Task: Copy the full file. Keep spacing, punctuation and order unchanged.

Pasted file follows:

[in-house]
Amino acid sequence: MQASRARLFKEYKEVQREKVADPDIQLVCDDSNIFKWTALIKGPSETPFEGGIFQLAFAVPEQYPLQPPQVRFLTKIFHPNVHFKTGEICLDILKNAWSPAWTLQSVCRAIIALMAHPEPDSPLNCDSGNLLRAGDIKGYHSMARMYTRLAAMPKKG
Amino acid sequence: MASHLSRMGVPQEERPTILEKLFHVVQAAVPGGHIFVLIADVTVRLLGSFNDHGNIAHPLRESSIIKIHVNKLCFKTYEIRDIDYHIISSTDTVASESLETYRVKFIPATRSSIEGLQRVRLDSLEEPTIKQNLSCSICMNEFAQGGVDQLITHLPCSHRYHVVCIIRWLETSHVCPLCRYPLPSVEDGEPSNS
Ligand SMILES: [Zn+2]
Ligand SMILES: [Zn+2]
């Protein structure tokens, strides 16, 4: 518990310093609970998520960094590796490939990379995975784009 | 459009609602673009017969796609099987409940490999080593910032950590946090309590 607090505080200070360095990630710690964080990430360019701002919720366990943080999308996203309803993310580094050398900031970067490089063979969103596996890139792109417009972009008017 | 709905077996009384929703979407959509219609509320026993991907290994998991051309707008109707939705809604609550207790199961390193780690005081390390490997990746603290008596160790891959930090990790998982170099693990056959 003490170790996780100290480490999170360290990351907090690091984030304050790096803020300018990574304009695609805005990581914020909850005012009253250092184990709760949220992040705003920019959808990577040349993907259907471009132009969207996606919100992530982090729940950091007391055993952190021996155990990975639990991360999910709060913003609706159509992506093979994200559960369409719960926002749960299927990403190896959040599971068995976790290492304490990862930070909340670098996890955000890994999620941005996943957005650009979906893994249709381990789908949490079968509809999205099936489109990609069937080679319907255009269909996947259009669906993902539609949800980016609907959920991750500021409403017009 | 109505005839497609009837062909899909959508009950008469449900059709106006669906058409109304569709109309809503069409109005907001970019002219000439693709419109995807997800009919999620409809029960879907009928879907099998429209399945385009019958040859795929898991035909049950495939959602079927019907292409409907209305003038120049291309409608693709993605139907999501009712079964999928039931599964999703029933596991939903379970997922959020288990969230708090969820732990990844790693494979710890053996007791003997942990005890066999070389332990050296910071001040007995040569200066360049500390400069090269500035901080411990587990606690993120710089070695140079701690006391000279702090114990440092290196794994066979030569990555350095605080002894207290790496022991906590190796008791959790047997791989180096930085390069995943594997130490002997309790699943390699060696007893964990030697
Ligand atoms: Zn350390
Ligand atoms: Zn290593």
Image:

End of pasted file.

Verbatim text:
[in-house]
Amino acid sequence: MQASRARLFKEYKEVQREKVADPDIQLVCDDSNIFKWTALIKGPSETPFEGGIFQLAFAVPEQYPLQPPQVRFLTKIFHPNVHFKTGEICLDILKNAWSPAWTLQSVCRAIIALMAHPEPDSPLNCDSGNLLRAGDIKGYHSMARMYTRLAAMPKKG
Amino acid sequence: MASHLSRMGVPQEERPTILEKLFHVVQAAVPGGHIFVLIADVTVRLLGSFNDHGNIAHPLRESSIIKIHVNKLCFKTYEIRDIDYHIISSTDTVASESLETYRVKFIPATRSSIEGLQRVRLDSLEEPTIKQNLSCSICMNEFAQGGVDQLITHLPCSHRYHVVCIIRWLETSHVCPLCRYPLPSVEDGEPSNS
Ligand SMILES: [Zn+2]
Ligand SMILES: [Zn+2]
């Protein structure tokens, strides 16, 4: 518990310093609970998520960094590796490939990379995975784009 | 459009609602673009017969796609099987409940490999080593910032950590946090309590 607090505080200070360095990630710690964080990430360019701002919720366990943080999308996203309803993310580094050398900031970067490089063979969103596996890139792109417009972009008017 | 709905077996009384929703979407959509219609509320026993991907290994998991051309707008109707939705809604609550207790199961390193780690005081390390490997990746603290008596160790891959930090990790998982170099693990056959 003490170790996780100290480490999170360290990351907090690091984030304050790096803020300018990574304009695609805005990581914020909850005012009253250092184990709760949220992040705003920019959808990577040349993907259907471009132009969207996606919100992530982090729940950091007391055993952190021996155990990975639990991360999910709060913003609706159509992506093979994200559960369409719960926002749960299927990403190896959040599971068995976790290492304490990862930070909340670098996890955000890994999620941005996943957005650009979906893994249709381990789908949490079968509809999205099936489109990609069937080679319907255009269909996947259009669906993902539609949800980016609907959920991750500021409403017009 | 109505005839497609009837062909899909959508009950008469449900059709106006669906058409109304569709109309809503069409109005907001970019002219000439693709419109995807997800009919999620409809029960879907009928879907099998429209399945385009019958040859795929898991035909049950495939959602079927019907292409409907209305003038120049291309409608693709993605139907999501009712079964999928039931599964999703029933596991939903379970997922959020288990969230708090969820732990990844790693494979710890053996007791003997942990005890066999070389332990050296910071001040007995040569200066360049500390400069090269500035901080411990587990606690993120710089070695140079701690006391000279702090114990440092290196794994066979030569990555350095605080002894207290790496022991906590190796008791959790047997791989180096930085390069995943594997130490002997309790699943390699060696007893964990030697
Ligand atoms: Zn350390
Ligand atoms: Zn290593």
Image: